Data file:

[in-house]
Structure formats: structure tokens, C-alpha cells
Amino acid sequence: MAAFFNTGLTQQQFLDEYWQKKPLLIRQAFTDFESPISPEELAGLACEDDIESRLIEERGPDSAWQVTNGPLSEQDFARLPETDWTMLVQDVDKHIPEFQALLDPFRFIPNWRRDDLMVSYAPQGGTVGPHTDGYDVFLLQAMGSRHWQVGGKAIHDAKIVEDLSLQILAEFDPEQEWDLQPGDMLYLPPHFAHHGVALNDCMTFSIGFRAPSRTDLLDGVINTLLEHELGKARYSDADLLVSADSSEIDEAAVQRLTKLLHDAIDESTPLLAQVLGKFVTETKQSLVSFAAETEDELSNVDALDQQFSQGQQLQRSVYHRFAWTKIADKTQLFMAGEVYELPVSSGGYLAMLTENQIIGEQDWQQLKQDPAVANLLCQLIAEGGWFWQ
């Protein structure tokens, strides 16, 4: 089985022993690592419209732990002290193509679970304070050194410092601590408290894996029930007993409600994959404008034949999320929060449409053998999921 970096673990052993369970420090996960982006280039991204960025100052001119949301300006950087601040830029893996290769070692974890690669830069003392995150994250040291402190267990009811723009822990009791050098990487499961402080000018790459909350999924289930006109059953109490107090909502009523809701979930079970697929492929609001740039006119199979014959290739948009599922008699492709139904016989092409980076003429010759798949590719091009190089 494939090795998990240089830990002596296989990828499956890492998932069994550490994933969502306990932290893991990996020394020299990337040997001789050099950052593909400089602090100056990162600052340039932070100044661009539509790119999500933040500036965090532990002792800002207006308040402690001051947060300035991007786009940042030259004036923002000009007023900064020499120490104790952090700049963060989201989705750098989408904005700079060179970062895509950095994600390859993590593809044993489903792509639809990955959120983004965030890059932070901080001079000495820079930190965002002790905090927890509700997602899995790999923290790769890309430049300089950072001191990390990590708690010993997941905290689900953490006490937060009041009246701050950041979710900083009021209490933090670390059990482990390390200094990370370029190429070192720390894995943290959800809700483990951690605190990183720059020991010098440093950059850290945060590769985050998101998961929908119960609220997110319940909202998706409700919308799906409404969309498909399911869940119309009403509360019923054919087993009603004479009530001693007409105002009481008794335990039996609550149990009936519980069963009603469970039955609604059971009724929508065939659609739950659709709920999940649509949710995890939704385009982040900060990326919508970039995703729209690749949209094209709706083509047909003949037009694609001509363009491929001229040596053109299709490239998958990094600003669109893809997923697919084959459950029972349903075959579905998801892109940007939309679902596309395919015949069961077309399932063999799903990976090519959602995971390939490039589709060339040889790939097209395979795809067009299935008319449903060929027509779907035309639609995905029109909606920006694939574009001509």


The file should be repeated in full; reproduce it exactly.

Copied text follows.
[in-house]
Structure formats: structure tokens, C-alpha cells
Amino acid sequence: MAAFFNTGLTQQQFLDEYWQKKPLLIRQAFTDFESPISPEELAGLACEDDIESRLIEERGPDSAWQVTNGPLSEQDFARLPETDWTMLVQDVDKHIPEFQALLDPFRFIPNWRRDDLMVSYAPQGGTVGPHTDGYDVFLLQAMGSRHWQVGGKAIHDAKIVEDLSLQILAEFDPEQEWDLQPGDMLYLPPHFAHHGVALNDCMTFSIGFRAPSRTDLLDGVINTLLEHELGKARYSDADLLVSADSSEIDEAAVQRLTKLLHDAIDESTPLLAQVLGKFVTETKQSLVSFAAETEDELSNVDALDQQFSQGQQLQRSVYHRFAWTKIADKTQLFMAGEVYELPVSSGGYLAMLTENQIIGEQDWQQLKQDPAVANLLCQLIAEGGWFWQ
């Protein structure tokens, strides 16, 4: 089985022993690592419209732990002290193509679970304070050194410092601590408290894996029930007993409600994959404008034949999320929060449409053998999921 970096673990052993369970420090996960982006280039991204960025100052001119949301300006950087601040830029893996290769070692974890690669830069003392995150994250040291402190267990009811723009822990009791050098990487499961402080000018790459909350999924289930006109059953109490107090909502009523809701979930079970697929492929609001740039006119199979014959290739948009599922008699492709139904016989092409980076003429010759798949590719091009190089 494939090795998990240089830990002596296989990828499956890492998932069994550490994933969502306990932290893991990996020394020299990337040997001789050099950052593909400089602090100056990162600052340039932070100044661009539509790119999500933040500036965090532990002792800002207006308040402690001051947060300035991007786009940042030259004036923002000009007023900064020499120490104790952090700049963060989201989705750098989408904005700079060179970062895509950095994600390859993590593809044993489903792509639809990955959120983004965030890059932070901080001079000495820079930190965002002790905090927890509700997602899995790999923290790769890309430049300089950072001191990390990590708690010993997941905290689900953490006490937060009041009246701050950041979710900083009021209490933090670390059990482990390390200094990370370029190429070192720390894995943290959800809700483990951690605190990183720059020991010098440093950059850290945060590769985050998101998961929908119960609220997110319940909202998706409700919308799906409404969309498909399911869940119309009403509360019923054919087993009603004479009530001693007409105002009481008794335990039996609550149990009936519980069963009603469970039955609604059971009724929508065939659609739950659709709920999940649509949710995890939704385009982040900060990326919508970039995703729209690749949209094209709706083509047909003949037009694609001509363009491929001229040596053109299709490239998958990094600003669109893809997923697919084959459950029972349903075959579905998801892109940007939309679902596309395919015949069961077309399932063999799903990976090519959602995971390939490039589709060339040889790939097209395979795809067009299935008319449903060929027509779907035309639609995905029109909606920006694939574009001509």